James Rowan: Bid to trace WW1 County Longford soldier's family fails

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Pte James Rowan will be buried as a designated unknown soldier on 16 April at the Prowse Point Commonwealth War Graves Cemetery, Belgium

A man believed to be from County Longford, who died during World War One, will be buried as an unknown soldier after attempts to trace his Irish relatives failed.

Investigators said they had carried out an "exhaustive search" to trace living links to Pte James Rowan.

However, their results proved inconclusive.

It is understood a number of people from Longford came forward following an appeal last year.

A Manchester-based priest, Fr Rowan, contacted investigators and Longford's county archivist was also enlisted into the search.

Lynne Gammond of the Army's headquarters at Andover, Wiltshire, said no family connections could be proven, despite an extensive trawl through family trees and other historical documents.

'Positive link'

"It is very sad actually," she said.

"There was a huge response but we just couldn't make the link.

"We have DNA from the remains, so if anyone can prove a positive link in future then we can still carry out the tests."

Pte Rowan's suspected remains were among six sets found close to a railway siding close to the Belgian village of Comines-Warneton five years ago.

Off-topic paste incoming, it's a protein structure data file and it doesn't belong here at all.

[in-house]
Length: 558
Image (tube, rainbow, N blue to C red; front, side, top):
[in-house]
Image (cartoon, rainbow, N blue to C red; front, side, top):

The 30-year-old soldier was killed on a battlefield at the site on 20 October 1914.

The remains were discovered by an amateur archaeologist during a dig.

'Memorial service'

The Ministry of Defence (MoD) joint casualty and compassionate centre, which investigates the discovery of missing bodies killed in action, cross-referenced military records and diaries kept from the time.

It said it believes the remains are those of Pte Rowan.

However, in order to conclusively prove the identity, investigators need to establish a firm family link and confirm through DNA testing.

The MoD has said it is now planning a re-interment and a memorial service for the designated unknown soldier.

The ceremony will take place on 16 April at the Prowse Point Commonwealth War Graves Cemetery in Belgium, close to where the remains were found.

He will be buried along with his five other fallen comrades, who were also designated unknown soldiers, after failed attempts to positively identify them.

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